As he enters the house, Dawson is approached by a woman who identifies herself as "Susan," a college friend of his mother's. "Tell me, are you dealing with your grief?" she asks. Oh, man. Dawson tells her that he's dealing. She wonders how, exactly, he's dealing. "Not to be rude, but I don't know what you're talking about," Dawson says. Not to be rude, but why isn't she minding her own business? "Where are you channeling all the feelings you're having about your father's passing?" Susan asks. "You know, not to be rude, again, but I really don't have the time or the luxury," Dawson begins. Susan interrupts him to tell him that he "must take the time," like, hello, the Flash just died, and she barely even knows Dawson. Mid-New-Agey lecture, the answering machine comes on and the Flash's voice pours out, telling the world to leave a message. Dawson frantically tries to turn the device off, but ends up yanking it right out of the wall as everyone stares at him, including his mother and Joey. Jack, next to him, moves to pat Dawson sympathetically, but Dawson pushes him away. "I'm fine, I'm fine," Dawson mutters, to himself as much as anyone, and leaves the room. I never thought I'd say this, but here goes: Poor Dawson. Hey, if you're frantically trying to make your lead character sympathetic, killing off his parents isn't such a bad idea. Life-threatening diseases and an unquenchable love for puppies also work.
Dawson has, as per usual, taken to the dock, where he stares out at the water. Joey approaches and just stands next to him, silently. "Not one of my finer moments, huh?" Dawson mutters. Joey tilts her head and tells him that right after her Poor Dead Mother died, she found a grocery list said Poor Dead Mother had made, covered with hearts and little doodles, and she just lost it. She cried for hours. And so she understands Dawson's reaction, she says. If she'd heard her mother on an answering machine, Joey says, she would have "run away screaming." Dawson tells her, shortly, that he can't do that; Gale is a wreck, and someone has to keep things together. Joey informs Dawson that he's a wreck, too. "I'll make you a deal. You take care of your mom, I'll take care of you," she offers -- a tad perkily, considering the situation. Dawson just looks at her. He reflects that he had no idea how hard it is to lose a parent. It's like he's been transported to "some alternate universe" and he's "walking around outside [his] body all day long." Joey nods, and promises that it will get better. "That's good," Dawson responds. "Any advice on how I should deal with the fact that my father's death is almost entirely my fault?" Joey looks flabbergasted, and asks Dawson what, exactly, he means. Dawson sputters that if he hadn't come back and "laid all this" on the Flash, then "none of this would have happened." Joey points out that the Flash died in a car accident, and there's nothing Dawson could have done to stop that. Other than, say, buying out the Quik-E Mart's entire supply of ice cream before he left town. "That's not entirely true, Jo," Dawson begins. First, he says, if he hadn't dropped by the house that morning, his mother wouldn't have made him breakfast and they wouldn't have run out of milk and his father wouldn't have had to run out for more in the middle of the night. Joey tells Dawson that he's talking crazy talk, but he's still yapping, telling her that, "for all [he] knows," the Flash was driving around all pissed, having an argument with Dawson in his head, causing him to take his eyes off the road. Little does he know that the Flash was actually just using an ice cream cone as a microphone, to tragic effect. "Don't do this to yourself," Joey says weakly. "Do you know what he said to me the last time I saw him?" Dawson asks her. "He said I was making a huge mistake and that he was disappointed in me." Joey points out that the Flash also told Dawson that he loved him very much. Dawson nods, and says that he'll never doubt that the Flash loved him. "But do you have any idea how much it sucks to know that my father was disappointed in me the day he died? And he was right. I was acting crazy, like a spoiled brat. And if I'd listened to him, he would have been driving me to the airport, instead of to his death," he says, tossing Joey an anguished look, and stomps off toward the house.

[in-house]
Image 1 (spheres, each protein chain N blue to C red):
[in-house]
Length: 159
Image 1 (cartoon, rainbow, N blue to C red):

Elsewhere in The Yard Of The Grieving. Gale's leaning against a tree, wondering how long she should wait before she calls up that news anchor she was sleeping with in Season One. Oh, come on! You know that, eventually, there's going to be some Dawson-deals-with-his-mother-dating-a-guy-that's-not-the-Flash episode. And it's going to be so tiresome. Grams comes up to her and gently asks how she's holding up. "I'm hanging in there," Gale says. Grams looks out at the creek, and tells Gale that she spent her entire marriage praying that she would die before her husband did, because she didn't think she would be able to go on without him. But look: she's done it. Although her husband's death was hard, she tells Gale, there eventually came a day that was easier than the one before it. "And until then?" Gale asks. "Well, that's what prescription medication is for," Grams quips. Gale laughs in spite of herself. "It's a strange thing we do," Grams says, "falling in love. You share your life with another person, give them your heart to the extent that losing them could potentially destroy you. Crazy thing to do." Gale looks off at the creek. "It's insane," she agrees. "So why on earth do we do it?" Grams asks. Gale shrugs. "What else is there?" she asks. They embrace, and Grams talks into Gale's overly frosted hair, wishing she still lived next door. "So do I," Gale says. Grams offers to stay for a bit, watch Lily for them. Gale thanks her, but says that she and Dawson "have to meet this one, head-on." So to speak. "I understand," Grams says. "But don't you hesitate to pick up the phone, young lady. We merry widows have to stick together." Gale smiles, and they walk arm in arm toward the house.